SPORTING the popular "Digger" design - slouch hatted soldier, with downcast eyes - the Crows Nest War Memorial pays tribute to veterans of both World Wars. Amongst the names on the honour roll is that of John Alexander "Jack" French, recipient of the Victoria Cross for his gallantry during the Battle of Milne Bay.
The son of a barber, Jack was born in Crows Nest on 15 July, 1914 and spent his primary school days in the small country town just north of Toowoomba. Known for his sporting abilities (rugby league being his preferred code), French was equally no slouch with his academics, going on to pass his scholarship exams and complete secondary school in Toowoomba. An apprenticeship in his father's business followed, but was interrupted by the outbreak of World War II.
Enlisting in the Second Australian Imperial Force (2nd AIF) on 22 October 1939 and subsequently seeing action in the Middle East, Jack was later deployed to Papua New Guinea.
It was on the afternoon of 4 September, 1942, that the young corporal showed incredible bravery and persistence during the Battle of Milne Bay. Finding his company under attack from no less than three Japanese machine-gun posts, he ordered his men to take cover. He valiantly lobbed grenades into the first of the posts, returned to gather more grenades so as to take similar action against the second and set about repeating the act to finish off the third, all the time being fired upon by the enemy. Despite successfully silencing his attackers, the wounds he sustained whilst protecting his company ultimately took his life.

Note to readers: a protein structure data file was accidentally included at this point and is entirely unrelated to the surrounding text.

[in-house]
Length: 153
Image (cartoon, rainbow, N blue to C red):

Jack French is buried at the Bomana War Cemetery in Port Moresby, but the people of Crows Nest remember their fallen son with the inclusion of his name on the town's war memorial and the naming of the local library in his honour.